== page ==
The Fantastico Indian Cricketer I grew up Adoring - Part III
India has always been blessed with batsmen who were brilliant players of the pads and who possessed supple wrists but the batsman that I'm going to write about in this post was a batting wizard with the bat in hand. Watching him bat was like witnessing a master sculptor create a master-piece from nothing but a slab of stone, it was like watching the Sun rise slowly to dispel the darkness all around with it's brightness, it was like hearing a melody being composed by your favourite composer.
Vangipurapu Venkata Sai Laxman (VVS Laxman)
VVS Laxman was from Hyderabad and just like another man from the same town, former India captain Mohammed Azharuddin, VVS possessed special wrists. Rubbery and extremely supple the work that he put on the ball using those wrists was almost magic. He could put balls pitching miles outside the off stump through the leg side or he could cover drive them or straight drive them as and when he liked. At times it seemed that the impact of ball on bat was happening in extra slow motion while he was batting. It depended on his mood and he could baffle the opposition with his batting.
Laxman made his Test debut in 1996 and was tried as an opener, a position India were desperately looking for someone to fill, but he did nothing spectacular or out of the ordinary. He was dropped around 1999 but he returned to domestic cricket to further home his skills. He returned in 2000 and made a fantastic 167 at Sydney against the Australians. That innings started his long love affair with the men in Baggy Green.
His most memorable performance came in the 2001 test series against the all-conquering Australians who were on a hot winning streak of 16 consecutive test match wins. India, having lost the first test was following on in the second test was staring at yet another defeat but Laxman produced the finest test innings ever played under pressure and combined with Rahul Dravid for an epic partnership of 376 runs. Laxman would score 281 and Dravid 180, India would win the test and the next one as well with Laxman making half centuries in both innings. How he mastered Shane Warne in that series is something is permanently etched in my mind. He would play balls pitching a foot outside leg stump and turning in towards the mid-wicket for boundaries. When Australia placed fielders on the leg side, he would skip down the track and making room slap the ball through through the covers! On a dusty turning track Laxman reduced the best leg spinner the world has ever seen to a mere spectator. After the series, Warne admitted he was clueless as to where to bowl to Laxman.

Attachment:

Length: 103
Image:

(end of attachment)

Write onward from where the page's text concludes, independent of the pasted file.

Laxman would continue to torment the Aussies right throughout his career and seeing the men from down under brought the best out of the soft spoken and humble Indian batsman. He could never cement his place as an ODI batsman though and played only 86 matches.
His end came when India lost 0-4 to England and Australia on consecutive away tours. He could only muster 4 half centuries across those 8 tests. In all he played 134 tests for India and scored over 8700 runs with an average of almost 46. VVS was a very very special player whose fond memories will always continue to find a special place in every fans heart.